The majority of blown lockrights and noslips are from case tolerance...people blame the locker itself for being weak or poorly designed. The weakness comes from the worn case and failure to correct it when installing the locker ;)

Im not stereotyping....but people who are installing high-dollar lockers tend to take more care, whether rebuilding or installing. A cheap lunchbox is quick, cheap, and substandard by other lockers' measures. They will spend the small amount of money on these lockers because they dont have the cash to go with more...or to rebuild the diff for that same reason. They toss them in and go.
Yes, i installed Lockrights at both ends....I cant justify throwing any more money at a weak axle. Yes, I also checked case tolerance....it's the least you can do to make these things stand up to any abuse. Most people dont.
 
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Got it, cutting corners.

Sorry for butchering your handle. :eek:
 
To much tolerance between the drivers and couplers. Most people that install a lunchbox type locker are looking for a quick and cheap locking mechanism....and these people rarely rebuild the entire diff as they are installing them...let alone checking for tolerance and shimming appropriately.
The majority of blown lockrights and noslips are from case tolerance...people blame the locker itself for being weak or poorly designed. The weakness comes from the worn case and failure to correct it when installing the locker ;)

Im not stereotyping....but people who are installing high-dollar lockers tend to take more care, whether rebuilding or installing. A cheap lunchbox is quick, cheap, and substandard by other lockers' measures. They will spend the small amount of money on these lockers because they dont have the cash to go with more...or to rebuild the diff for that same reason. They toss them in and go.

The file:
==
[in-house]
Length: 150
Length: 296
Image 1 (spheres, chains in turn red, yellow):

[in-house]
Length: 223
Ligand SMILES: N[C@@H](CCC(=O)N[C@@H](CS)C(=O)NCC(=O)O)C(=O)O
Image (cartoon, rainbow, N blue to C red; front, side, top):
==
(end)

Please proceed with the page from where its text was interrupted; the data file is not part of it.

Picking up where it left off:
Yes, i installed Lockrights at both ends....I cant justify throwing any more money at a weak axle. Yes, I also checked case tolerance....it's the least you can do to make these things stand up to any abuse. Most people dont.

I agree to a large extent about installer error, but IMHO a "Detroit Locker" is still stronger than any of the "Lunchboxes" even when installed in a new, never before used carrier like the one I used.

I'm not knocking them, that's why they are cheaper.

I've seen them all come apart at one time are another.

Deep Mud, Big Tires, Lots of Horse Power & a heavy foot always weeds out the weakest link in the driveline.:eek:

It's always fun to watch the youngsters play in the mud.;)
 
Horn you bring up a good point, the wheel base. You have lots and I have almost none at all. I know from experience that I can hit a section of wet asphalt and be pointing in the direction I just came from in about a heart beat. A lot of this is corrected with a decent set of tires and is nothing that keeps me awake at night but having my differential decide it knows more about where I want to go than I do does give me cause to think. Not being able to power through a turn could be a problem on the street especially in bad weather perhaps the odd patch of snow or ice.
Just how sharp a turn does it take to start feeling the difference??:cool:
I also have no doubt that the Detroit is stronger.


I agree to a large extent about installer error, but IMHO a "Detroit Locker" is still stronger than any of the "Lunchboxes" even when installed in a new, never before used carrier like the one I used.

I'm not knocking them, that's why they are cheaper.

I've seen them all come apart at one time are another.

Deep Mud, Big Tires, Lots of Horse Power & a heavy foot always weeds out the weakest link in the driveline.:eek:

It's always fun to watch the youngsters play in the mud.;)
 
Hey Old Dog,
Is the Eaton similar to the Governmet Motors Eaton Gov-Loc
aka. the famous "Grenade Lock" factory Locker?
I'm not famillar with the Gov-Loc, so not sure on that one